Sunday, December 24, 2017

Svensmarks, Enghoff, Shaviv publish a cosmoclimatological TOE in Nature

Guest blog by Nir Shaviv, originally posted at his website
Shaviv is a prominent Israeli astrophysicist and climate skeptic (formulation by LM) who also participated at a Cambridge climate debate a month ago (report). Five days ago, Nature Communications published his paper written with 3 well-known Danish colleagues that argues that the processes allowing cosmic rays to create clouds have been understood microscopically, too.

Finally! The missing link between exploding stars, clouds and climate on Earth
By Nir Shaviv and Henrik Svensmark

Our new results published today in nature communications provide the last piece of a long studied puzzle. We finally found the actual physical mechanism linking between atmospheric ionization and the formation of cloud condensation nuclei. Thus, we now understand the complete physical picture linking solar activity and our galactic environment (which govern the flux of cosmic rays ionizing the atmosphere) to climate here on Earth though changes in the cloud characteristics. In short, as small aerosols grow to become cloud condensation nuclei, they grow faster under higher background ionization rates. Consequently, they have a higher chance of surviving the growth without being eaten by larger aerosols. This effect was calculated theoretically and measured in a specially designed experiment conducted at the Danish Space Research Institute at the Danish Technical University, together with our colleagues Martin Andreas Bødker Enghoff and Jacob Svensmark.


It has long been known that solar variations appear to have a large effect on climate. This was already suggested by William Herschel over 200 years ago. Over the past several decades, more empirical evidence have unequivocally demonstrated the existence of such a link, as exemplified in the examples in the box below.

Box 1: Examples demonstrating the Solar/Climate link

Below are several examples showing that the sun has a large effect on climate. The first example is the beautiful correlation between solar activity (as mirrored in the Carbon 14 extracted from tree rings) and Oxygen 18 to Oxygen 16 isotope ratio is stalagmites in a cave in Oman, measured by Neff et al. (2001). The former is a proxy of solar activity (as the solar wind modulates the flux of cosmic rays reaching the terrestrial atmosphere and producing Carbon 14 through spallation). Oxygen 18 is a well known climate proxy (in this case, of the monsoon rain coming from the Indian ocean). [I replaced the Apple link with the Wikipedia one.]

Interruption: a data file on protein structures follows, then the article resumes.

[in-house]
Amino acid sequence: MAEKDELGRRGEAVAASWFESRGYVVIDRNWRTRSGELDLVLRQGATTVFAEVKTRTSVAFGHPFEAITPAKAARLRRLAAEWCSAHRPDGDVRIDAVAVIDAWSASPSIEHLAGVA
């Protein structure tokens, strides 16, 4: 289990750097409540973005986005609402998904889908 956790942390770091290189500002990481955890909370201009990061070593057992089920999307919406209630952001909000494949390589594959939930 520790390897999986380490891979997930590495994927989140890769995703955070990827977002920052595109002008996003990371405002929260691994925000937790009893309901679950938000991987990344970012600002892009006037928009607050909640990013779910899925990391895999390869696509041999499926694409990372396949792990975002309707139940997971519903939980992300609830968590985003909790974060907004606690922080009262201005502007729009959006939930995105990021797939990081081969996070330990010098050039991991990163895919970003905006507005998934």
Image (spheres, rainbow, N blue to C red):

Figure 1: A correlation between 14C/12C from tree rings (a proxy of solar activity) and 18O/16O from stalagmites in a cave in Oman in the southern Arabian peninsula by Neff et al. (2001) (which is a proxy of the temperature of the Indian ocean). A large correlation is apparent.

The second example, by Bond et al. (2001), shows a clear correlation between solar activity (again as recovered using 14C) and the climate of the North Atlantic, as can be reconstructed from ice rafted debris in cores from the ocean floor.

Figure 2: A correlation between 14C/12C from tree rings (a proxy of solar activity) and the amount of ice rafted debris left on the ocean floor in the Northern Atlantic. Again, a large correlation is apparent.

The third example, on shorter time scales, is the clear correlation between solar activity over the past century, exhibiting the quasi periodic 11 year solar cycle, and the rate of change of the sea level.

Figure 3: The correlation between solar activity (in red) and the sea level rate of change from tide gauges across the globe.

Unlike the previous results which qualitatively demonstrate the existence of a strong solar/climate link, the last correlation, by Shaviv (2008), can be used to quantify the link and show that the solar minimum to solar maximum variations in the solar activity translates into a 1 to 1.5 W/m2 change in Earth’s energy budget. A more recent analysis of satellite altimetry data reveals that the correlation continues. In fact, if one removes the linear trend from glacier melting, almost all the sea level change can be attributed to the sun and the el Niño southern oscillation (Howard et al. 2015).

Figure 4: The correlation between the linearly detrended sea level measured using satellite altimetry (blue dots) and a model fit which includes just two components: The sun and el Niñoo southern oscillation. The excellent fit implies that the two components are by far the dominant source of sea level change on short time scales

The fact that the ocean sea level changes with solar activity (see Box 1 above) clearly demonstrates that there is a link between solar activity climate, but it can be used to quantify the solar climate link and show that it is very large. In fact, this “calorimetric” measurement of the solar radiative forcing is about 1 to 1.5 W/m2 over the solar cycle, compared with the 0.1-0.2 W/m2 change expected from just changes in the solar irradiance. This means that a mechanism amplifying solar activity should be operating—the sun has a much larger effect on climate than can be naively expected from just changes in the solar output.

Over the years, a couple of mechanisms were suggested to explain the large solar climate link. However, one particular mechanism has accumulated a significant amount of evidence in its support. The mechanism is that of solar wind modulation of the cosmic rays, which govern the amount of atmospheric ionization, and which in turn affect the formation of cloud condensation nuclei and therefore how much light do the clouds reflect back to space, as we now explain.